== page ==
New Hampshire Gov. John Lynch has vetoed a bill that would have limited the number of parties against whom damage awards from civil suits could be apportioned.
“I cannot support this change in the law because it is unfair for a defendant with a low degree of fault to have to pay a disproportionately large share of the damages,” Lynch said in his statement accompanying his veto.
Lynch spent the last week meeting with parties on both sides of the bill before deciding to veto it.
Municipalities and business groups, including the insurance industry, opposed the measure, arguing it would have exposed them to paying more than their fair share of damages and would increase litigation costs.
The measure was backed by trial lawyers, who argued that it would have restored a system that they say was in place 20 years ago before state court rulings upended it.
It was sponsored by Sen. David Gottesman, D-Nashua, who is also a lawyer.
Under New Hampshire’s current system of comparative fault, the jury is instructed to determine the amount of damages to be awarded to each plaintiff and then allocate fault in proportionate share to anyone who contributed to the incident that caused the plaintiffs’ injuries. Fault may be apportioned against any individual or entity who was negligent and whose conduct was a substantial factor in causing the harm, including those that are parties to the lawsuit, parties who previously settled their lawsuits, or are immune from liability, or are not otherwise before the court.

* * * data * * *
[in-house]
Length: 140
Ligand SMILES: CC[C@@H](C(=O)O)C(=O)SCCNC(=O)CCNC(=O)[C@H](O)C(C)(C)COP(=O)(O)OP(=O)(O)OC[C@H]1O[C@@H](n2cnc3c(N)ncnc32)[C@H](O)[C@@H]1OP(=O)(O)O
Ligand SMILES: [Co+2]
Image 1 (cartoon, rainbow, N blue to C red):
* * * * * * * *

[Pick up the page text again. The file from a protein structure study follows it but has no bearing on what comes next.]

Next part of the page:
The bill Lynch vetoed, HB 143, would have allowed the jury to allocate fault only between those that remain parties to the lawsuit at the conclusion of the trial. It would have prohibited the jury from apportioning fault to those who carry significant degrees of fault for the plaintiff’s injuries, but who either settled claims prior to conclusion of the lawsuit, or who are not parties to a particular lawsuit for other reasons.
In explaining his veto, Lynch also noted that the state Attorney General Kelly Ayotte believes that the change in law would have increased litigation costs and higher judgments borne by taxpayers
Lynch extended an olive branch to those pushing for the change.
“There may be steps that we can take to better ensure that injured victims are fully compensated under the law. I remain open to considering improvements to our existing statutory system of comparative fault, apportionment of liability and contribution laws,” he said.
The New Hampshire Municipal Association said in a bulletin to its members that it was “very appreciative” of the governor’s veto.